Maria Tatar offers a great selection of well-known fairy tales as well as some versions that aren't nearly as popular. The modern stories are especially interesting to contrast with the older ones, and Tatar's commentary and background on each tale type is very helpful for scholarly study of the tales.
the 2016 update to the 1999 Norton edition is invaluable, as it now includes and addressses what has happened with fairy tales in popualr imagination and popular culture since 2010, with the countless revisitionst fairy tale films, fairy tale TV shows, etc. The criticism sections and fairy tale samples also feel helpfully updated. Glad Maria Tatar was able to refresh this collection.
Feb 07, 2015 rated it it was amazing
The original fairy tales are always surprising and shocking. It's not always about the evil mother figure either, as I learned in Donkeyskin, a Cinderella story variant about a girl who had to escape her lustful father. Girls were a lot tougher before Disney came along. This book does a great job comparing all of the oldest tales and why certain versions became more popular.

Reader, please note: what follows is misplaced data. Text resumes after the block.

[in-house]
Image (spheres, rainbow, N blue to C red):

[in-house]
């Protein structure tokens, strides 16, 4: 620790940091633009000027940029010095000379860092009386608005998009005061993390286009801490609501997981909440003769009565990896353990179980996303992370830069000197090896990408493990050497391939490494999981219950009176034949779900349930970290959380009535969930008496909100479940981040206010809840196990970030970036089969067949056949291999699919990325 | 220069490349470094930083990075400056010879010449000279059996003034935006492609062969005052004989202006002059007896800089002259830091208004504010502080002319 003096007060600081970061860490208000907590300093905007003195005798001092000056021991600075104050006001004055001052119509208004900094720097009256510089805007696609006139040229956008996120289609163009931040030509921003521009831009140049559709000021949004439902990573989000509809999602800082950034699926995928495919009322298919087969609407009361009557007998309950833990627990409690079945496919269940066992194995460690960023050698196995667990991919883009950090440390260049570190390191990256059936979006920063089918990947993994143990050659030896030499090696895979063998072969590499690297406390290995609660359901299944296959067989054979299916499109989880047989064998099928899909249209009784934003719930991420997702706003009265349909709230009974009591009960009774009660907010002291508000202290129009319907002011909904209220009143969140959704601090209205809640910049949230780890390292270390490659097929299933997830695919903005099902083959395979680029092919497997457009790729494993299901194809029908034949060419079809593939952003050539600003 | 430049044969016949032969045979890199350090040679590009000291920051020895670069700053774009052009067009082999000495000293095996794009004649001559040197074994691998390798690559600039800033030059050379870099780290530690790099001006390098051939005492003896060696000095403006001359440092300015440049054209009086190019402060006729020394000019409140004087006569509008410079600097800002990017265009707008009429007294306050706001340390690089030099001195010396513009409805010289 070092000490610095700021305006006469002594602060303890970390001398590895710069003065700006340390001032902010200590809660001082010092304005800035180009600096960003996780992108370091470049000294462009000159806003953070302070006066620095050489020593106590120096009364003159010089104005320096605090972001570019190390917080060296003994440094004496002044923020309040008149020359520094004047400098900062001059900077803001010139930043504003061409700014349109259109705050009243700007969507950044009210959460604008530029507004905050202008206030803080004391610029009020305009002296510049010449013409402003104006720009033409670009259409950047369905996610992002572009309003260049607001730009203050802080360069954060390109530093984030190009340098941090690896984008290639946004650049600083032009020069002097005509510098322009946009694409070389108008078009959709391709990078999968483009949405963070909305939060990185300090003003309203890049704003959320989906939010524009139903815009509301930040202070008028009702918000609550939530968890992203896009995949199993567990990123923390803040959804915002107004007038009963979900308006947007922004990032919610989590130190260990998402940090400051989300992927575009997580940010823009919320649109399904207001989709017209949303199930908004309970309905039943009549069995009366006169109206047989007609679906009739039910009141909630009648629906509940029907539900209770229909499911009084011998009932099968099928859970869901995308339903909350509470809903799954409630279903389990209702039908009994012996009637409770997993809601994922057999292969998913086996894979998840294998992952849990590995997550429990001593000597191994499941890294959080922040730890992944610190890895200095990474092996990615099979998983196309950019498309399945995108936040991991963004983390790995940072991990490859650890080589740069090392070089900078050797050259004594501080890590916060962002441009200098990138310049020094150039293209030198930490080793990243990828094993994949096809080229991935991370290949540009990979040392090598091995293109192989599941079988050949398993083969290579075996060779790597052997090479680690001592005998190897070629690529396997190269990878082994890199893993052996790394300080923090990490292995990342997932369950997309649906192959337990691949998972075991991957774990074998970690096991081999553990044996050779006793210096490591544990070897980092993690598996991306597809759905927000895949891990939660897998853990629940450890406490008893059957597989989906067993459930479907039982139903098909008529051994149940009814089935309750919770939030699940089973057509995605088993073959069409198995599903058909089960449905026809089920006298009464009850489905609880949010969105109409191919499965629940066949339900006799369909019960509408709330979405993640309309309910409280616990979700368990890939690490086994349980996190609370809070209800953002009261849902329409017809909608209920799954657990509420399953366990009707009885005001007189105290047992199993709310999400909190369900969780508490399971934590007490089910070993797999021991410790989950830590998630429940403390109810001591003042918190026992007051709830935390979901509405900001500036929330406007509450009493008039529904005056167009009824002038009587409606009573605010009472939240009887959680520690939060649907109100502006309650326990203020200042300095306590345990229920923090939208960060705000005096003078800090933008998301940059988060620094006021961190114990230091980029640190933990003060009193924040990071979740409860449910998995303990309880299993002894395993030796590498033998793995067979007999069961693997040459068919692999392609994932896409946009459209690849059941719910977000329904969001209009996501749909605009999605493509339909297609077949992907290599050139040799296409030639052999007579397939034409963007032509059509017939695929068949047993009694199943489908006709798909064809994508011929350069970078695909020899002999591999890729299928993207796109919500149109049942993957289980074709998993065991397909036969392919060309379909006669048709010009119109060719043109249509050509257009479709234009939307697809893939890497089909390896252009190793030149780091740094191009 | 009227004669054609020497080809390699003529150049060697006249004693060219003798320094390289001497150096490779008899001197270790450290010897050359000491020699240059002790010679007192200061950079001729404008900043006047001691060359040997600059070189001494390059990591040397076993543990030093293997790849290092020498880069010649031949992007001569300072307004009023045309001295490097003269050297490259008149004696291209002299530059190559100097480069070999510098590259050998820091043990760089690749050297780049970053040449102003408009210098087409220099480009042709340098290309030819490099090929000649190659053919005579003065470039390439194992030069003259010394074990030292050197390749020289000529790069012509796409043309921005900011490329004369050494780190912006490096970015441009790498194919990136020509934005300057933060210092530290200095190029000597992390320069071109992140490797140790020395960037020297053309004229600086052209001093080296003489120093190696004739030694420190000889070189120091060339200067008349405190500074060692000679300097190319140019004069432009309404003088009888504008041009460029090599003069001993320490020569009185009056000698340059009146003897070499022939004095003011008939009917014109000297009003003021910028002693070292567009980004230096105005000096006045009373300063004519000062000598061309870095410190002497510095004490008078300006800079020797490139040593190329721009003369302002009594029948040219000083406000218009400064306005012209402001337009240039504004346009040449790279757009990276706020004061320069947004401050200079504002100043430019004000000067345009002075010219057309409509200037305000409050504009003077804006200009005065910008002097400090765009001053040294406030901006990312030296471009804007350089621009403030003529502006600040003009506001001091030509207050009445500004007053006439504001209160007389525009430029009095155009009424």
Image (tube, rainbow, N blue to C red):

Taylor Porter
Sep 11, 2015 rated it it was amazing
Shelves: fairy-tales
I enjoyed this book because of the fact that it explains the reasons behind the fairytales. I love that the author added in different illustrations of the stories. The author did a great job explaining and connecting the fairytales to other ones, as well as giving a bit of history behind the stories. I loved this book and recommend it to others to read.